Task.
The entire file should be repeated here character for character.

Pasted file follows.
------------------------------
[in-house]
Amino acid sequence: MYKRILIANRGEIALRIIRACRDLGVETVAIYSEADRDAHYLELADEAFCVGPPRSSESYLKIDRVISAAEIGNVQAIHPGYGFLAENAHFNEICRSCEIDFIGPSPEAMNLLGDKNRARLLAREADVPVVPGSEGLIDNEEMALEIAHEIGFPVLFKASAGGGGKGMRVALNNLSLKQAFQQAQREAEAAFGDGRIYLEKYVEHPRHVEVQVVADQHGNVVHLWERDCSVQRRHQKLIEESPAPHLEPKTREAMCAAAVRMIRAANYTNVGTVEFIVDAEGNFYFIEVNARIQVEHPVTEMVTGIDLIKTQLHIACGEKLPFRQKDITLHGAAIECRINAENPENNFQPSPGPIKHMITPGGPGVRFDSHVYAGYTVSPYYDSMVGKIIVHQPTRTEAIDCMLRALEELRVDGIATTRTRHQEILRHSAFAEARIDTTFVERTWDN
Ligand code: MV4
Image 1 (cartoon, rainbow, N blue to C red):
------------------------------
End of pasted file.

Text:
[in-house]
Amino acid sequence: MYKRILIANRGEIALRIIRACRDLGVETVAIYSEADRDAHYLELADEAFCVGPPRSSESYLKIDRVISAAEIGNVQAIHPGYGFLAENAHFNEICRSCEIDFIGPSPEAMNLLGDKNRARLLAREADVPVVPGSEGLIDNEEMALEIAHEIGFPVLFKASAGGGGKGMRVALNNLSLKQAFQQAQREAEAAFGDGRIYLEKYVEHPRHVEVQVVADQHGNVVHLWERDCSVQRRHQKLIEESPAPHLEPKTREAMCAAAVRMIRAANYTNVGTVEFIVDAEGNFYFIEVNARIQVEHPVTEMVTGIDLIKTQLHIACGEKLPFRQKDITLHGAAIECRINAENPENNFQPSPGPIKHMITPGGPGVRFDSHVYAGYTVSPYYDSMVGKIIVHQPTRTEAIDCMLRALEELRVDGIATTRTRHQEILRHSAFAEARIDTTFVERTWDN
Ligand code: MV4
Image 1 (cartoon, rainbow, N blue to C red):